Now, the DIY Automation community is starting to get bigger and bigger, we have tons of Makers out there that want to automate things in their house and on their property. I can’t tell you how many people came up to me at Maker Faire asking if the Core would be good for their project. Stuff like opening and closing blinds, monitoring their gardens, turning outdoor path lighting on, controlling HVAC floor registers, building thermostats, locking their front doors… The list goes on and on.

The Spark Core is inexpensive, easy to use, flexible and powerful. I really think looking more into things like HomeKit, producing more Home Automation libraries and doing a lot more projects/tutorials along the same lines (and then a marketing push towards it all) would go a long way towards making us into the de facto platform for IoT Based Home Automation.

Has anyone else put much thought into this sort of thing?

This is—I suspect—Apple doing what Apple does best: Taking stuff that already exists, making it easy to use and pretty, then selling the hell out of it.

Having a library for the Spark Core that would allow it to hook into HomeKit could be crazy cool and something I’ve been looking into since WWDC.


#22

Indeed, how would this work though. Apple didn’t show off any specific apps, so I’m assuming that it is just a framework that allows many devices to be controlled by an app of the users choosing.

I’m imagining a very connected home soon(ish)…


#23

The link I posted is to the (future?) Objective C framework for developing apps for use with HomeKit. From what I can tell, manufacturers are going to have to jump through hoops to get into the HomeKit program. They essentially have to have their product Apple certified, which is a huge barrier to entry. :frowning:


#24

From what I hear through the grapevine, certification for HomeKit will be a lot different than previous things coming into the MFi program.

There will also be the ability for third party software to control certified hardware through HomeKit without requiring certification.


#25

There’s the rub. The Spark Core is hardware, but I’m not sure how open Apple would be to certifying it. If someone could get an Arduino certified, maybe other platforms could follow.


#26

The idea is this would be for control of the “Spark Cloud” and not hardware, per say. Another way would be just for the Spark Core iPhone app to hook into the HomeKit APIs (I’m not sure what the rules are on this yet, I’m trying to get specific clarification from a friend.)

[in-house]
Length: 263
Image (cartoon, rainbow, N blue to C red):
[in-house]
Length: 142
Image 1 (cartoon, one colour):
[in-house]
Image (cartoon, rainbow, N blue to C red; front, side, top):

#27

I’m a new Spark owner. I’ve had SmartThings for a year, but want to diversify my homemade IoT gadgets and found Spark. One of my big concerns is how well SmartThings is going to play with HomeKit, as I am heavily invested in Apple’s ecosystem. Is there any news on Spark / HomeKit compatibility now that iOS 8 is in the wild?

If you’re curious, I built this project to interface SmartThings with some custom LED lights and alarms, along with some other toys. I’m planning to redesign it to take advantage of Spark, especially if that brings HomeKit compatibility.

Edit: Fixed the broken link.


#28

Anyone looking for new information on this checkout the new docs provided by apple. https://developer.apple.com/homekit/

Also confirming that BLE and Wifi will be supported checkout this pdf, around the middle of the document describing HomeKit and protocol layers:

https://www.google.com/url?sa=t&rct=j&q=&esrc=s&source=web&cd=1&ved=0CB4QFjAA&url=http%3A%2F%2Fdevstreaming.apple.com%2Fvideos%2Fwwdc%2F2014%2F701xx8n8ca3aq4j%2F701%2F701_designing_accessories_for_ios_and_os_x.pdf%3Fdl%3D1&ei=f9WDVN7VLKzisAS45ICwCg&usg=AFQjCNEKt8MqUYogGpzLpzwiRF04QQeSNQ&sig2=707rtNmIDCRm6UTBHKM50A&bvm=bv.80642063,d.cWc&cad=rja


#29

As far as I understand you may be want to look at Homebridge project https://github.com/nfarina/homebridge


#30

Have a look on this HomeKit update, non-commercial version - SRP
:wink:


#31

FINALLY, we have a breakthrough!

See this new thread: LINK

It works beautifully: You compile a sketch and flash it to any Particle device and then it can be directly paired with Homekit on any iPad, iPhone… Currently, you can only control the Particle’s RGB LED ON/OFF state.

Lukas Jezny developed an application for a Photon, in which he implements a HAP (Homekit Access Point) on the device itself. So, you don’t need a Homebridge or an OpenHAB server to control a Photon with Siri… :star_struck:

I was hoping that Lukas would also show us how we could access Particle.function s and Particle.variable s from Homekit. But, fair enough, he apologised because he can’t make the time for it. Pity…
He shared also the Apple document explaining how to expand the functionality, but it goes over my head!
If some of you, professional programmers, would be interested to try and expand his work, I believe many Particle users would be very happy! I would… :bow: